Henriques, Diana B. The Wizard Of Lies: Bernie Madoff and the Death Of Trust

Madoff's gigantic Ponzi scheme imploded during the 2008 GFC, so I didn't pay a lot of attention to it. This book gives a lot of detail into what he did--and didn't do!--and how he accumulated so many victims. After having read the book, I'm disgusted that more people weren't locked away for it. It's not uncommon for regulatory agencies to make a distinction between ordinary investors and high net-worth individuals. The latter are the sort who are assumed to be sophisticated investors and who can afford to lose $1 million without undue hardship. Only the latter are supposed to be able to invest with the uber-risky hedge funds. Madoff's thousands of victims included people who were not high net-worth individuals. How that happened was through "feeder funds", where hedge funds, and quasi-mutual funds, bundled smaller investors into funds that they gave to Madoff to "invest". The hedge fund managers earned 20% commission on any profits recorded for the funds. None of the many feeder fund managers did any due diligence. Most did not disclose that all the money was going to Madoff. More than a few lied about the nature of the investments the fund dabbled with. The managers of those funds are the ones who ought to be behind bars with Madoff. Many of them steered friends and business acquaintences, whose financial situations they were well aware of, into the Madoff funds. Funds, I must make explicit, that did not come with any documentation. Madoff didn't answer questions about what he was doing or who his counterparties were (there weren't any, because he never did any trades.) These fund managers channelled everything into one company, despite the first rule of investing: never put all your eggs in one basket.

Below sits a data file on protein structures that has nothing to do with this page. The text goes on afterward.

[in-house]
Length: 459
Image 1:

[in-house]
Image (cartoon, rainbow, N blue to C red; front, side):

The book is clearly written from court depositions and personal communications between the author and Madoff. The explanations and walk-through of Madoff's scheme was easy to read and follow. What I did find odd was the author's habit of describing what people wore, such as the FBI agents or SEC lawyers. She also took a bit of license with creating emotional reactions and thoughts when recounting meetings she was not present for. That I found odd and unnecessary.

A good thing the author did was end quite a few chapters with a reminder that Madoff was a consummate liar, so how much of what we'd just read about him was true?

My quote from the book:
Madoff was not inhumanly monstrous. He was monstrously human. He was greedy for money and praise. [...] Just like us--only more so.
Those who can make you believe absurdities can make you commit atrocities ~ Voltaire
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Re: Baker's Miscellaney

Postby FranW » 04 Jun 2015, 07:21

Fran did NOT buy "even more". My stack is smaller than hers.

Plus, half of what I bought were cookbooks, which means Bakey gets to eat more yummy stuff as I try new recipes. So there. lol
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Re: Baker's Miscellaney

Postby Proofrdr » 04 Jun 2015, 12:25

Bravo for that, Fran. I am firmly convinced that one can never have enough cookbooks.Image
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Re: Baker's Miscellaney

Postby wildlx » 04 Jun 2015, 19:47

Baker, you seem to be on a reading phase. However, why are you posting on the 2014 thread?